Computational Statistics

, Volume 33, Issue 3, pp 1195–1215 | Cite as

On the choice and influence of the number of boosting steps for high-dimensional linear Cox-models

  • Heidi SeiboldEmail author
  • Christoph Bernau
  • Anne-Laure Boulesteix
  • Riccardo De Bin
Original Paper


In biomedical research, boosting-based regression approaches have gained much attention in the last decade. Their intrinsic variable selection procedure and ability to shrink the estimates of the regression coefficients toward 0 make these techniques appropriate to fit prediction models in the case of high-dimensional data, e.g. gene expressions. Their prediction performance, however, highly depends on specific tuning parameters, in particular on the number of boosting iterations to perform. This crucial parameter is usually selected via cross-validation. The cross-validation procedure may highly depend on a completely random component, namely the considered fold partition. We empirically study how much this randomness affects the results of the boosting techniques, in terms of selected predictors and prediction ability of the related models. We use four publicly available data sets related to four different diseases. In these studies, the goal is to predict survival end-points when a large number of continuous candidate predictors are available. We focus on two well known boosting approaches implemented in the R-packages CoxBoost and mboost, assuming the validity of the proportional hazards assumption and the linearity of the effects of the predictors. We show that the variability in selected predictors and prediction ability of the model is reduced by averaging over several repetitions of cross-validation in the selection of the tuning parameters.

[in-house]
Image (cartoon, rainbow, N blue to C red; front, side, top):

Boosting Cross-validation Parameter tuning High dimensional data Survival analysis 



We thank Rory Wilson and Jenny Lee for language improvements. HS and RDB were supported by Grants BO3139/4-1, BO3139/4-2 and BO3139/2-3 to ALB from the German Research Foundation (DFG).

Supplementary material

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Supplementary material 1 (pdf 216 KB)
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180_2017_773_MOESM3_ESM.r (13 kb)
Supplementary material 3 (R 12 KB)
180_2017_773_MOESM4_ESM.pdf (134 kb)
Supplementary material 4 (pdf 134 KB)


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Copyright information

© Springer-Verlag GmbH Germany 2017

Authors and Affiliations

  1. 1.Institute for Medical Information Processing, Biometry and EpidemiologyLMU MunichMunichGermany
  2. 2.Epidemiology, Biostatistics and Prevention Institute (EBPI)University of ZurichZurichSwitzerland
  3. 3.Leibniz Supercomputing CentreMunichGermany
  4. 4.Department of MathematicsUniversity of OsloOsloNorway

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